Emerging options for the management of age-related macular degeneration with stem cells
Ingrid Mooney1, James LaMotte2
1Eye Design, Santa Fe, NM, USA; 2Department of Basic and Visual Science, Southern California College of Optometry, Fullerton, CA, USA
Abstract: Age-related macular degeneration (AMD) is a devastating retinal disease that occurs in later life as the retinal pigment epithelium (RPE) cells die, with subsequent photoreceptor degeneration. In the past, RPE transplant surgeries gave evidence that AMD was potentially treatable, but it involved limited amounts of ocular tissue, and the complication rate was high. Then, stem cell transplants offered an unlimited supply of retinal precursors for endogenous repair and exogenous cell replacement. Debate continues as to which type of stem cell is most appropriate for treating AMD. The prospects include adult-derived progenitor stem cells (including progenitor cells from ocular tissues), hematopoietic stem cells, embryonic stem cells, and induced pluripotent stem cells. Now the therapy is expanding into phase I human trials. This review examines the collective research contributions toward a clinical model of AMD management with stem cells.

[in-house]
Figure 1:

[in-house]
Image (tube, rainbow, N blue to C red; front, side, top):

Keywords: age-related macular degeneration, pluripotent stem cells, stem cells, transplantation, retinal pigmented epithelium
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